Wednesday, May 8, 2013

Water your flax - but not as much as your cotton!

This hot weather is great for flax germination but we're all having to water our seedlings. This first two to three weeks after planting is pretty much the only time you'll need to water the crop, and the weather is going to turn cloudy and rainy at the weekend, so no more water will be needed then.

A flax shirt takes 6.4 L of water to grow and produce. A cotton T shirt takes 2,700 L. That's the amount of water one person drinks in three years. For more on how unsustainable this is read about how cotton production drained the Aral Sea

As you will have noted as you prepped the soil for your flax, it needs very little nitrogen based fertilizer. Cotton is what's known as a 'greedy feeder', needing large amounts of nitrogen and unless you're producing organic cotton, all of that nitrogen is processed from oil. It's the 3rd highest user of nitrogen of all the crops (including food crops) we grow worldwide.

You may also have noticed that I haven't mentioned any pesticides you need to add to your growing flax. That's because it doesn't need any, unlike cotton which uses 25% of the total world's pesticides in its production

Find more information about cotton productionand the pesticides and toxic chemicals used in its production here,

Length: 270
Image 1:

As you'll see by August, linen can be produced without any chemicals at all.

A linen shirt has a LCA (Lifecycle Assessment - the amount of a resource it will use from production, through wearing until it is discarded) of 130g of greehouse gases. A cotton T shirt (with less fabric) has an LCA of 410g of GHG.

I personalised this linen shirt, bought at Value Village by embroidering on it. The embroidery says Sown, grown, rippled, retted, scutched, hackled, spun, wovem, bleached, sewn. LCA 6.4L of water 130g GHG. I wanted to remember how much work and energy went into it, and why buying clothing second hand is so much more sustainable than buying new. And shipping our second hand clothing around the world to the countries who manufacture them, but are too poor to buy them new, just adds to the carbon footprint and destroys the local weaving traditions and ethnic clothing.

70% of the LCA of all your clothing is down to you. Only 30% of the GHG of a piece of clothing comes from its production and manufacture, the rest is down to your washing and drying. If you want to seriously reduce your GHG production than you need to wash in cold water, and always air dry (because most of that GHG is from using the drier).


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